By Chris Lane
By Olivia Flores Alvarez
By Angelica Leicht
By Jef Rouner
By Jef With One F
By Jef With One F
By Marco Torres
Laramie, Wyoming, is set against a big, blue, impossibly beautiful sky. It's also the place where Mathew Shepard, a 21-year-old gay college student, was tied to a fence post at the edge of a wide lonely prairie, then beaten and left for dead by Russell Henderson and Aaron McKinney. This stark landscape, where the blue of heaven and the darkness of hell intersect, provides the extraordinary backdrop for Moises Kaufman and his Tectonic Theater Project's docudrama The Laramie Project.
Written from interviews with townsfolk conducted by Tectonic Theater members, the Project cuts close to the bone. The troupe talked to everyone from a local Episcopal priest to a corner coffee shop waitress as they cobbled together a script about Shepard's death and the swirl of media that surrounded it. These small-town characters who tell the story (Shepard never appears) come off as fully wrought and complex. And Kaufman's deft collage of monologues pulled from the interview transcripts captures the confusion and rage of rural America. Smart and painful, the script narrates Shepard's tragedy, but it also attempts to answer profound questions about why such brutal acts occur in a place and time where most people say, "Live and let live."
Under Rob Bundy's direction, eight of Houston's most appealing actors create the 60-some characters who appear in the story. Each is sketched in quick, lithe strokes of words and mannerisms. They resonate with truthful poignancy, raunchy humor and even frightening, gut-punching brutality.
The men are the most moving. Especially good is Rutherford Cravens, who establishes the first surprise of the production with the character of Doc O'Connor. The plain spoken taxi driver argues that "Wyoming people don't care one way or another if you're gay or straight." What he liked most about Matt was that he was "straight" -- er, he pauses, "forward." As much as we like Doc for his shoot-from-the-hip speech and liberal politics ("Never fuck with a Wyoming queer," he says), it's clear that he's not willing to face the ugly truth about his town: Obviously some people did care whether Matthew Shepard was gay.
Drake Simpson's motor-mouthed bartender knows all about Shepard's last night because he served him. He seems almost thrilled to be a part of the show that Shepard's death and the ensuing trial cause, but he also feels guilty about his missed opportunity to stop the crime. Simpson's humanity shows in the way his head tilts and his voice catches when he looks to the empty barstool where Shepard sat. Also strong is Simpson's Aaron McKinney, who seems either too stupid or too cold to understand the magnitude of his crime or his punishment.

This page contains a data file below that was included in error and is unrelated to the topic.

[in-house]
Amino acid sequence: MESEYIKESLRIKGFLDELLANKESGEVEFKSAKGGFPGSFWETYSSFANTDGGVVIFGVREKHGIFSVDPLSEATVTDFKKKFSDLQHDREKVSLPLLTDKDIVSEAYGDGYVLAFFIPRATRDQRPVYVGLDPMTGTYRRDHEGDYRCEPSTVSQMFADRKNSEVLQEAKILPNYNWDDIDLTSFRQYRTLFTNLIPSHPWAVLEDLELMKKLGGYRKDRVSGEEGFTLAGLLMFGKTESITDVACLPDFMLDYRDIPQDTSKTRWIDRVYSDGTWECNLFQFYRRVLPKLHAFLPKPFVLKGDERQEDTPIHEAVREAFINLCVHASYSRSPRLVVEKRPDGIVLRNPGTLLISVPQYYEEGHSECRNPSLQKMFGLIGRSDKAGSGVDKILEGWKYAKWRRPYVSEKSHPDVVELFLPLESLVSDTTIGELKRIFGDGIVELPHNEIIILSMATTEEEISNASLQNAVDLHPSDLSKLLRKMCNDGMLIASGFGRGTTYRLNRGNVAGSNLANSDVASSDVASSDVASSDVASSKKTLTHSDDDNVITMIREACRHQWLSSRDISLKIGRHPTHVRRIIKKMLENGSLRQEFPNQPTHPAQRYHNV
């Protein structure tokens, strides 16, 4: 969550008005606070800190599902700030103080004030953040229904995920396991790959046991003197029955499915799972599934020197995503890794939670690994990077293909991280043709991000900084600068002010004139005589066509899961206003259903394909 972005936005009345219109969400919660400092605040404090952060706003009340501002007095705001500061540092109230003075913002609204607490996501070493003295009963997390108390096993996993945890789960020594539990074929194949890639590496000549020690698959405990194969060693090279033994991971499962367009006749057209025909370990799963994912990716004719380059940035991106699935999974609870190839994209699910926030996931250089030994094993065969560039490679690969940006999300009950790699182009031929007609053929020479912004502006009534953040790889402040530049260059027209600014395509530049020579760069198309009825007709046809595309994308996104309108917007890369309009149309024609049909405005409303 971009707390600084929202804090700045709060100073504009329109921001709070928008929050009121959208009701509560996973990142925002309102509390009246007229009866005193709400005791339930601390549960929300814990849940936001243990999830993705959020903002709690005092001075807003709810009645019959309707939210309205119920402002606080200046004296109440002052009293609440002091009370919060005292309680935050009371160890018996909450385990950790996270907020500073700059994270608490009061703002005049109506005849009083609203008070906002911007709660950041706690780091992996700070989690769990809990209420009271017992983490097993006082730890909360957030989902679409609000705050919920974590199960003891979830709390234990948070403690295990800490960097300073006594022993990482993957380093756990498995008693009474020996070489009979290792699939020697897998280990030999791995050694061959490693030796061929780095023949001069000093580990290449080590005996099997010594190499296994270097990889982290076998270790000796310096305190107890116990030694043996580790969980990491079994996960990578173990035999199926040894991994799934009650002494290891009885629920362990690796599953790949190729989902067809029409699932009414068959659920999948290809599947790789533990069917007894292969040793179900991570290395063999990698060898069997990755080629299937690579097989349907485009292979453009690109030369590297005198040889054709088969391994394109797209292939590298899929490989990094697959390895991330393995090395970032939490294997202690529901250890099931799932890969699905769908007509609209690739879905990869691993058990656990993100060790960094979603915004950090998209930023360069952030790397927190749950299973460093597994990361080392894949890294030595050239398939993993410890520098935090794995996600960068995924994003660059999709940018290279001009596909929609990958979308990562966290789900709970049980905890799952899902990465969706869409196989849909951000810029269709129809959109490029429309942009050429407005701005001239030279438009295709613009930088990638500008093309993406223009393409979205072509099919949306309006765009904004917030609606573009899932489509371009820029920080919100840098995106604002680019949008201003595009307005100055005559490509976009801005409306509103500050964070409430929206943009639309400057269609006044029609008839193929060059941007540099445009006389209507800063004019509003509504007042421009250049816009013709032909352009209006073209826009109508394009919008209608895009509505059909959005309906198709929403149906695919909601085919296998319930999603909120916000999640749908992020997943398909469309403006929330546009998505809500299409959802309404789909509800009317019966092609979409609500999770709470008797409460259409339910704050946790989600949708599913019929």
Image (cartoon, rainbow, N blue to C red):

Perhaps the most devastating performance comes from Corby Sullivan. As the boy who first found Shepard, he's haunting. He remembers the crumpled mass at the side of the road and his horror when he realized that it was a man. These chilling moments are replayed over and over. Also unforgettable is Sullivan's Andrew Gomez, the saggy-pantsed punk who shares a cell with McKinney. He talks about his amazement at McKinney's decision to kill a "fag" when he's going to have to go to prison and "be a fag" because everyone at the big house is already placing bids on McKinney's ass. The scene is unforgettable for its bleak and hopeless viciousness.
Kirk Markley's elegantly spare set and lighting design add great depth to this production. The wood-planked stage is raked, giving the play an added sense of urgency and understated drama. These stories are not simply strung-together reels of old news footage; they are the laid-bare responses of workaday people to the most unthinkable acts of violence. Many of the interviewees knew Shepard. And many knew the "perps," as the town bartender refers to Henderson and McKinney. Their stories ring with an authentic outrage and, even more moving, a genuine bewilderment at the cruelty of Shepard's death. They are well suited to Markley's set, with sky-blue scrims, television sets flashing images of long western roads and one enormous telephone pole rising out of center stage like a creosote-covered crucifix.
Rob Bundy's direction is sharp and clean and stripped of the morose melodrama that such a story might inspire. Only at the end does the show dip into moments of polemic rage. Mostly, though, Bundy allows his fine cast to tell the stories of Laramie, Wyoming, with the plain dignity and tender mercy that everyone deserves.